August 04, 2011
Speaking of Books
Since books and music are two of my dearest loves, it is a joy to discuss books with people who share an interest in reading. Terri wrote about reading on her blog Into The Mystic and her post inspired Rock Chef to write about reading on his blog The Spartan Rock Chef. Several of my regular readers posted about books since these two posts and I have been thinking of my books all along. Now I share some with you.
Some of my favorite books have been about subjects unfamiliar to me. For instance, one favorite book is "The Greatest Game Ever Played" by Mark Frost. The book about golfing could be a school textbook; however, the book is not a dull textbook. It has a thorough Index and follows the golf careers of Harry Vardon and Francis Ouimet with the results of extensive research and written so well that the reader is transformed to that era throughout the book. Students could learn much about determination and grit and dedication as well as cash in on the excellent writing ability of the author. Hubby and I each read the book and both liked it so much we rented the DVD. It doesn't work well to read a book and then see the movie; usually it means disappointment that some fun items were left out of the movie. Especially a book with so much history and information as The Greatest Game Ever Played. But the movie's passion and love of the game of golf brought the book to life.
Laura Hillenbrand's "Seabiscuit" taught me about horse racing in such detail that I never would have thought possible. The book held my interest every page and I neglected all else until I finished the book. This book is a keeper in our home. I have some absolute favorite books, some I have carried around from young adulthood, and "Seabiscuit" has joined that elite group. I have never been to a horse race in person, but when I was living alone the years before I met my hubby, I discovered the beauty of horse racing on my large plasma screen on the wall. Yes, I used to be one those and it was right before I met James that I stopped watching TV news and didn't turn the TV on every day. I was fascinated to see the beautiful colors and movement of the horses and the jockeys that were sometimes so close I could reach out and touch them. A couple years later I read "Seabiscuit", one of the best written and most interesting books for adventurous readers with a heart for real life.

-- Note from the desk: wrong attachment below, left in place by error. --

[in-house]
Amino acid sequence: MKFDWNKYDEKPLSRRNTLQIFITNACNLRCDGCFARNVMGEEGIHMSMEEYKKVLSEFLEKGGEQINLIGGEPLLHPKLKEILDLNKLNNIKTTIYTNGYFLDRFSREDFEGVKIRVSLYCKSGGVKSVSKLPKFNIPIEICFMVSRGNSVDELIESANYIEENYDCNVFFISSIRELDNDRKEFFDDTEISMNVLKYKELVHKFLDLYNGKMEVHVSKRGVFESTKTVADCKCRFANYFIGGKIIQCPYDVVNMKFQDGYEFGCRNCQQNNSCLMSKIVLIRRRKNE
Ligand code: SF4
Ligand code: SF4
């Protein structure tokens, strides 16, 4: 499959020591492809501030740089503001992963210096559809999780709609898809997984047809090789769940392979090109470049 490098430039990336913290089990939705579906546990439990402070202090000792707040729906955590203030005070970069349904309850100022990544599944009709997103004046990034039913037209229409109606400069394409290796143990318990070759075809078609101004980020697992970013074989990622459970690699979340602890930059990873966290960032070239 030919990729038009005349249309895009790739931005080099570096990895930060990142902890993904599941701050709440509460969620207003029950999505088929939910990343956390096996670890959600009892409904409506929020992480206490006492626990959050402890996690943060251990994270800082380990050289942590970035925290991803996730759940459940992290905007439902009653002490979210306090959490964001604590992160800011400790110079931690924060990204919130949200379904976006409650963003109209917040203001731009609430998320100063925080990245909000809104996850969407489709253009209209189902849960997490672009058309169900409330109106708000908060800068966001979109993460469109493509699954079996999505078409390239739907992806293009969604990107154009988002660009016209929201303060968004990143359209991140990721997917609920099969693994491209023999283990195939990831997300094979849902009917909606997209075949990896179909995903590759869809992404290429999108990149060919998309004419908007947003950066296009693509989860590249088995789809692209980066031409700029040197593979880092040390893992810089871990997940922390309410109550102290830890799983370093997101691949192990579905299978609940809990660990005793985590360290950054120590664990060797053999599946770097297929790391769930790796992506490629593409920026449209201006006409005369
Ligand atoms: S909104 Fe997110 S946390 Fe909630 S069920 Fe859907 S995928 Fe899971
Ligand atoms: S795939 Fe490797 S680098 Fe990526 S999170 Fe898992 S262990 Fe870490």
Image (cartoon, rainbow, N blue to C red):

A few years ago my older daughter gifted me with "One Thousand White Women" by Jim Fergus. I was captivated from the first page and limp as a noodle when I finished. Because I am interested in Native American culture, the added benefit was obvious. But the deep emotions of the book were a surprise to me and instead of being a downer, it was exhilarating. I quote Winston Groom, author of Forrest Gump:
"Jim Fergus knows his country in a way that's evocative of Dee Brown and all the other great writers of the American West and its native peoples. But One Thousand White Women is more than a chronicle of the old west. It's a superb tale of sorrow, suspense, exultation, and triumph that leaves the reader waiting to turn the page and wonderfully wrung out at the end."
"The Weeping Chamber" by Sigmund Brouwer tells a story that for me depicts Jesus the Messiah as people living in that time would have seen him. The book is in fact, about two men, one known as The Teacher and another looking for a miracle. Sigmund Brouwer is not a historian. The book "The Weeping Chamber" is a novel.
My hubby introduced Tony Hillerman's books to me in the first month of our courting. We have all of Hillerman's books on our shelves. Joe Leaphorn and Jim Chee are now my friends, calming me with the mysteries these Navajo Tribal Policemen solve on the reservation. I say calming me because Hillerman's style is simple and clean; easy reading that incorporates native customs and traditions.
Reading is something I do throughout every day. I always have. If I had an appointment, I carried the current book with me and would disappear into what I was reading while waiting. I had audio books in the car that would carry me away from the traffic jams in California. Books have been my friends since I was four years old. One book I have had since then. It is too old and brittle to read but it is still with me.
Posted by CiCi